"I'll be fine. You're the sick one, remember?" He didn't seem to want to argue, so she snuggled up as close to him as she could. She could feel her body get wet from the big heavy drops falling down, and wondered how Ted was really doing. She had to be heavy, to carry her all the way to the parking lot. Finally, they reached his car and he put her in the front seat. She fastened the seatbelt and he sat down on the other side.
"So, where do you live?"
The drive was quite short since Mariah lived pretty close to the school, although she would never have been able to walk home in her current state. But by the time they got to her house, she felt strong enough to go up to the door by herself.
"Are you sure?" Ted asked.
She smiled at him. "Just hold my hand," she asked and then they walked up to the front door and unlocked it.
Standing in the doorway, the situation suddenly became weird. Ted was standing there, like a dog waiting for commands, and she had none to give him. He was wet, probably all the way to the skin and she realized that the thing to do probably to invite him in.
"Come in," she said and he entered.
"I think you should go to bed," Ted said when he had taken his jacket off.
"Whatever you say, sir," Mariah smiled, although bed was exactly what she had thought too.
Walking up the stairs, he held her hands, because she was still wobbly. She didn't tell him, but those black dots had started dancing before her eyes again when they were standing in the doorway, and they wouldn't go away. She was surprised over how exhausting the easy exercise of walking up the stairs was. When they were almost at the top, Ted seemed to decide that she had been exhausting herself enough, and he picked her up again and in the very same moment, she lost consciousness again.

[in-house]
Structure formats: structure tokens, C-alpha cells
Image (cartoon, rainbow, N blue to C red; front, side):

When she woke up, she was lying in her bed, a cool cloth on her forehead, a blanket covering her body, a glass of water besides her and the shutters down. A dim light filled the room, and in the corner, in her reading chair, sat Ted, sleeping.
She felt so much better. Whatever he had done, it had made wonders for her. She had gotten some of her power back, and although she wasn't feeling a hundred percent yet, she wasn't down on the minus ten she had been at before. She took the cool cloth off her forehead, put the blanket aside and set her feet on the floor as she sat up. She took a couple of deep breaths before she stood up and walked over to Ted. She hesitated a little first, but then she bent down and placed a soft kiss on his lips. His lips were sweet and warm, and he started to respond.
As he opened his eyes, she drew away. "I'm sorry," she whispered. "But I had to take my one chance to do that."
He placed his hands on her hips and drew her down on his lap. "Don't you know how long I've wanted to do just that to you?" he asked. He drew her near again and kissed her. She closed her eyes and responded to his warm lips. It wasn't hungry, it wasn't aggressive; it was just wonderfully sweet.
"You still have a fever," he murmured.
"Yeah, I should probably go and lay down, huh?" She pulled away a couple of inches from him.
He nodded and followed her back to her bed where she laid down.
"I'll stay right here, Mariah," he said with a soft smile. "I'll stay here as long as you want me to."